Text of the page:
Spring Sky Mural by Sharon McCann is one of over 35 public artworks on display across the City of Mississauga.
Sharon McCann, 1986
Cast aluminum, paint, and concrete
Mississauga Council Chamber
This spectacular 30 metre diameter domed ceiling mural is located in Mississauga’s Council Chamber. Designed by Canadian artist Sharon McCann, the work was installed over six weeks by a team of artists, including Nick Kosonic, Carolyn McGill, Lynda G. Smith, Fred Fiveash, Chris Glady, Denise Therien and Tom Reid.
Spring Sky Mural utilizes the imagery of constellations to depict the artist’s understanding of the First Nations legend of The Great Bear and Six Hunters. The hunter’s hands and hair are borrowed from Alphonse Mucha, the master of art nouveau, and the faces recall the work of Julius Shiller, a seventeenth century German celestial mapmaker. The work is lit by 120 fibre optic strands, which allow the work to twinkle.
Although McCann completed her design by consulting historical records, we would today consider this artwork to be an example of cultural appropriation. When visiting this work, we encourage viewers to acknowledge the ways in which artists engage with cultural traditions and communities.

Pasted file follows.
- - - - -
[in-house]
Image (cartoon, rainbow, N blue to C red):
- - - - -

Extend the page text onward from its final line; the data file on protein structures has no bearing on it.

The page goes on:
Clayton Windatt in CARFAC’s Indigenous Protocols for the Visual Arts, writes:
Cultural appropriation, or the “misappropriation” of culture, is a concept dealing with the representation of cultural elements, in part or explicitly, from a minority culture by members of a dominant culture. It is distinguished from cultural exchanges due to the imbalance of power and a lack of consent from both groups. Cultural appropriation occurs when privilege goes unchecked, violating collective intellectual property rights of an originating, minority culture. It is often a by-product of colonialism and oppression, commonly referenced by Indigenous cultures living under colonial rule. An individual is committing an act of cultural appropriation when they depict any other cultural group’s traditions, fashion, symbols, language, and songs, or when they attempt to represent the views, beliefs, or ideologies of a culture they are not part of themselves. This is done often without any understanding of the original cultural context and against the expressly stated wishes of members of the originating culture.